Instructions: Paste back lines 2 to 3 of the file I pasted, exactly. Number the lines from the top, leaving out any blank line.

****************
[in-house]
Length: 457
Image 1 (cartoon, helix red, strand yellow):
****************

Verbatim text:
Length: 457
Image 1 (cartoon, helix red, strand yellow):